Crypto exchanges order types explained

Photo - Crypto exchanges order types explained
Like traditional financial markets, cryptocurrency exchanges offer many different ways to place an order to buy and sell an asset. In this article, we will tell you how to use these orders.
Traders have access to a variety of tools that help ease the process of trading and protect themselves against unexpected losses. In this article, we will review three main order types – market, limit, and stop order.

Market Order

A market order is an order to exchange cryptocurrencies at the best available price on the given exchange. Often this means the execution of a trade at a current price. If at the time of placing a market order, Bitcoin is trading at $22,700, the trader will buy it at $22,700.

A market order is the easiest and fastest way to buy or sell an asset on a trading platform. All you have to do is to enter how much crypto you want to buy or sell, and the exchange will find suitable open orders in the order book. 

Since the trader draws liquidity from the order book during the execution of a market order, he will pay a taker fee. It is significantly higher than the maker fee paid by traders who place limit orders.

Limit order

A limit order facilitates buying or selling crypto at the price set by the trader. In this case, they have to enter not only the number of coins but also the exact price of the transaction.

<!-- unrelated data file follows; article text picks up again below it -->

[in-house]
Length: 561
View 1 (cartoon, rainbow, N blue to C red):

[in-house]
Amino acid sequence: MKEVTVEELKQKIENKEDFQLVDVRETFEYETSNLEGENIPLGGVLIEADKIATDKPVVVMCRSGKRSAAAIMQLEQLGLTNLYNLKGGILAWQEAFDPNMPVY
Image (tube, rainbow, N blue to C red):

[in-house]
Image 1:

At the time of writing, Bitcoin is trading at around $22,700. If a trader thinks that BTC could drop to $18,000 and start recovering from that level, he can place a buy limit order at $18,000. His order will only work if the price of bitcoin reaches $18,000.

The advantage of the limit order is that users can trade without having to monitor the market around the clock. In addition, such orders pay a lower maker commission in case it is not executed immediately after placement. 

The disadvantage of limit orders is that if the asset does not reach the specific price, it will not be executed. 


A stop loss order is an order to close the active trade if the price reaches a certain level. When using a stop-loss order, the trader sets the price level on which he wants to sell the asset to avoid further depreciation and limit the losses.

Let's say, a trader bought bitcoin for $20,000. He is confident that the price will go higher, however, he does not want to sit in the red in case of a decline. At this point, he places a stop-loss near (or below) the support levels to limit losses if the price direction changes to the negative side.

The main advantage of a stop loss as with limit orders is that investors do not need to constantly monitor the charts. Traders can be sure that the exchange will automatically fill their sell order if the stop-loss price is reached.

The main SL disadvantage is that short-term price fluctuations may activate the stop-loss, thereby closing a deal. In practice, quite often a situation occurs when a deal is closed by a stop-loss order, after which the price reverses and goes to the desired levels. This happens because whales are hunting for accumulations of stop orders and profit from sharp price declines. We will talk about that more in our next article.